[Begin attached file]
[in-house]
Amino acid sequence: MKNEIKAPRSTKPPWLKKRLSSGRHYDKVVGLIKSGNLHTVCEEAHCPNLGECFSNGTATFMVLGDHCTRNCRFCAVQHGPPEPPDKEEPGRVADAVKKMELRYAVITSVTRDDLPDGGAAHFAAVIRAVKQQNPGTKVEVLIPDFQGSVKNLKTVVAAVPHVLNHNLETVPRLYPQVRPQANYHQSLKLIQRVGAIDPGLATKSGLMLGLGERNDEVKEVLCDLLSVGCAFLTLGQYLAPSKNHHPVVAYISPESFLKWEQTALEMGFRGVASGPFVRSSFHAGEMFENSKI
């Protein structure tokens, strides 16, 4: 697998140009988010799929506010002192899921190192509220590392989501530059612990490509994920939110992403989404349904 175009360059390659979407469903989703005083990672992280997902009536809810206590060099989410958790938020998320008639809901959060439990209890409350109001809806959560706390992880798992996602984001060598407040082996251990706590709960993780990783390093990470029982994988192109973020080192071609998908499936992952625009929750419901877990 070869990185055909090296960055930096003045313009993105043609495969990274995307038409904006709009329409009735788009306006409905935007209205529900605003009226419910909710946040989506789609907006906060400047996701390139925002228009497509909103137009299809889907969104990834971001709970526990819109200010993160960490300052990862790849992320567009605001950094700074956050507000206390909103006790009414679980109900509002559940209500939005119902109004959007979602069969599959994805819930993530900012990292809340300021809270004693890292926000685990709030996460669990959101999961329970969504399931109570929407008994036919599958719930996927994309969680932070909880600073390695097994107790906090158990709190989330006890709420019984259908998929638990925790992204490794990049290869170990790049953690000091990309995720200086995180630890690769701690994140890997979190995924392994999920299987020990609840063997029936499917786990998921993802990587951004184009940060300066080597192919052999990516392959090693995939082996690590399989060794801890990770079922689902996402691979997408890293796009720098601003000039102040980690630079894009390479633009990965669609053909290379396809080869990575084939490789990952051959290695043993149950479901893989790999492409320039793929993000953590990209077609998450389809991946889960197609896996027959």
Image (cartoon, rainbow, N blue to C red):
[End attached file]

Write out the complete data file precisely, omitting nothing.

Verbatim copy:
[in-house]
Amino acid sequence: MKNEIKAPRSTKPPWLKKRLSSGRHYDKVVGLIKSGNLHTVCEEAHCPNLGECFSNGTATFMVLGDHCTRNCRFCAVQHGPPEPPDKEEPGRVADAVKKMELRYAVITSVTRDDLPDGGAAHFAAVIRAVKQQNPGTKVEVLIPDFQGSVKNLKTVVAAVPHVLNHNLETVPRLYPQVRPQANYHQSLKLIQRVGAIDPGLATKSGLMLGLGERNDEVKEVLCDLLSVGCAFLTLGQYLAPSKNHHPVVAYISPESFLKWEQTALEMGFRGVASGPFVRSSFHAGEMFENSKI
């Protein structure tokens, strides 16, 4: 697998140009988010799929506010002192899921190192509220590392989501530059612990490509994920939110992403989404349904 175009360059390659979407469903989703005083990672992280997902009536809810206590060099989410958790938020998320008639809901959060439990209890409350109001809806959560706390992880798992996602984001060598407040082996251990706590709960993780990783390093990470029982994988192109973020080192071609998908499936992952625009929750419901877990 070869990185055909090296960055930096003045313009993105043609495969990274995307038409904006709009329409009735788009306006409905935007209205529900605003009226419910909710946040989506789609907006906060400047996701390139925002228009497509909103137009299809889907969104990834971001709970526990819109200010993160960490300052990862790849992320567009605001950094700074956050507000206390909103006790009414679980109900509002559940209500939005119902109004959007979602069969599959994805819930993530900012990292809340300021809270004693890292926000685990709030996460669990959101999961329970969504399931109570929407008994036919599958719930996927994309969680932070909880600073390695097994107790906090158990709190989330006890709420019984259908998929638990925790992204490794990049290869170990790049953690000091990309995720200086995180630890690769701690994140890997979190995924392994999920299987020990609840063997029936499917786990998921993802990587951004184009940060300066080597192919052999990516392959090693995939082996690590399989060794801890990770079922689902996402691979997408890293796009720098601003000039102040980690630079894009390479633009990965669609053909290379396809080869990575084939490789990952051959290695043993149950479901893989790999492409320039793929993000953590990209077609998450389809991946889960197609896996027959």
Image (cartoon, rainbow, N blue to C red):